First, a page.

Life magazine reflects on the above photo, taken by Hank Walker on President Eisenhower’s first inauguration: “This scene has a democratic feel to it, with the mighty being made to take a joke. Times change, however, and this photograph makes us aware how much. Today’s lasso tosser would have to deal with bulletproof glass and a very nervous Secret Service.” The Hollywood cowboy Monty Montana did ask Ike’s permission before he lassoed the leader of the Free World. At the back, former president Herbert Hoover raised his arm to protect himself from the lasso.
Inauguration ’53 didn’t go that smoothly. In 1947, Harry Truman asked Eisenhower to seek the Democratic presidential nomination in 1948, with Truman as his vice-presidential running mate. The Republican-leaning general didn’t like Truman very much and viewed Truman as an inept leader who had surrounded himself with cronies. Truman was apprehensive that Eisenhower would undo his efforts to end the Korean War and other aspects of his foreign policy. He also never forgave Ike for not denouncing Senator Joseph McCarthy during the campaign and said Eisenhower “has betrayed almost everything I thought he stood for.”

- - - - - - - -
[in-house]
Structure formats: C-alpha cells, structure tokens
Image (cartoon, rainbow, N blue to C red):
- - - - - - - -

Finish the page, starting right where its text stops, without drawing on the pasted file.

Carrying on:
By the time, they rode together as president and president-elect to Eisenhower’s inauguration, the mutual hatred was evident. Eisenhower wondered aloud “if I can stand sitting next to that guy,” and to irritate the outgoing President, he wore a Homburg rather than a traditional silk top hat. When Dwight and Mamie Eisenhower arrived at the White House to pick up the president, they not only refused to enter for coffee with the Trumans, but stayed in the vehicle until Truman came outside.